School of Engineering
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Professor of Engineering-Economic Systems & Operations Research, Emeritus
BioDonald L. Iglehart is a John von Neumann Theory Prize recipient who has made fundamental contributions to performance analysis, optimization, and simulation of stochastic systems. Iglehart received his Bachelor’s degree in Engineering Physics from Cornell in 1956, his Master’s degree in Mathematical Statistics from Stanford University in 1959, and his PhD in the same subject from Stanford in 1961. His dissertation was supervised by Herbert E. Scarf and Samuel Karlin, and the topic was on dynamic programming and stationary analysis of inventory problems. He taught at Cornell University from 1961 to 1967 and came to Stanford in 1967, where he has been emeritus since 1999. In1976, he spent a very productive year as an Overseas Fellow at Churchill College at Cambridge University. In his capacity as a PhD advisor, he has had many notable students, including Peter Glynn, Peter Haas, Phil Heidelberger, Doug Kennedy, and Ward Whitt.
Iglehart was jointly awarded the John von Neumann Theory Prize in 2002 with Cyrus Derman, the same year he was named an inaugural Fellow of the Institute for Operations Research and the Management Sciences. He was recognized for having pioneered and developed diffusion limits and approximations for heavily congested stochastic systems. His ideas provided tractable limiting processes and readily computable approximations for complex queueing and other stochastic systems for which closed-form solutions have proved intractable. Iglehart’s original research and contributions have heavily influenced queueing theory in the years since their publication, and his papers have been cited in hundreds of publications. Some of his other work has focused on inventory and distribution problems.
Iglehart was also honored by the INFORMS Simulation Society in 2012 with its highest honor, the Lifetime Professional Achievement Award (LPAA). His foundational work in that field recognized and exploited the underlying stochastic structure of simulation as a means of producing enhanced simulation methodologies. For example, he introduced and led the development of the regenerative method for stochastic simulation output analysis, inspiring a flood of significant contributions to simulation methodology. In the late 1980s, Iglehart and Glynn incorporated such techniques as importance sampling into stochastic simulations. The LPAA also noted his ability to clearly organize and articulate deep theory in his presentations and writing, and recognized his education of Ph.D. students who have had, individually and cumulatively, a profound impact on simulation education and research. The citation for his award states that "It is no exaggeration to say that Don Iglehart’s contributions made simulation a respectable research discipline in some circles of the operations research community."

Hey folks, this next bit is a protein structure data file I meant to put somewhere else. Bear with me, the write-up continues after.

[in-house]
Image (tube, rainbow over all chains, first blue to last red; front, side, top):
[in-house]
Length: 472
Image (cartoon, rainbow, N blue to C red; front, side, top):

In addition to being an INFORMS Fellow, Iglehart was elected in 1999 to the National Academy of Engineering, having been selected for his contributions to queueing theory, simulation methodology, inventory control, and diffusion approximations. He was also honored in 1971 through his induction as a Fellow of the Institute of Mathematical Statistics.
Historical Academic Appointments:
1961-67 School of Operations Research and Industrial Engineering, Cornell University
1967-96 Department of Operations Research, Stanford University
1996-99 Department of Engineering-Economic Systems and Operations Research, Stanford University
Professor of Management Science and Engineering and, by courtesy, of Electrical Engineering and of Computer Science
BioJohari is broadly interested in the design, economic analysis, and operation of online platforms, as well as statistical and machine learning techniques used by these platforms (such as search, recommendation, matching, and pricing algorithms).
Assistant Professor of Management Science and Engineering
Current Research and Scholarly InterestsAreas of Research:
Sociology of Work and Occupations/Professions
Authority in the Workplace
Accountability (Professional, Organizational, Algorithmic)
Social/Algorithmic Evaluation (of Job applicants, Employees, Startups)
AI in the workplace
Social Media Scrutiny of Frontline Professionals
Conflicts in Symmetrical vs. Asymmetrical Relations
Diversity and Inclusion in Tech
W.M. Keck Professor and Professor of Management Science and Engineering
Current Research and Scholarly InterestsThe question that drives Prof. Katila's research is how technology-based firms with significant resources can stay innovative. Her work lies at the intersection of the fields of technology, innovation, and strategy and focuses on strategies that enable organizations to discover, develop and commercialize technologies. She combines theory with longitudinal large-sample data (e.g., robotics, biomedical, platform and multi-industry datasets), background fieldwork, and state-of-the-art quantitative methods. The ultimate objective is to understand what makes technology-based firms successful.
To answer this question, Prof. Katila conducts two interrelated streams of research. She studies (1) strategies that help firms leverage their existing resources (leverage stream), and (2) strategies through which firms can acquire new resources (acquisition stream) to create innovation. Her early contributions were firm centric while recent contributions focus on innovation in the context of competitive interaction and ecosystems.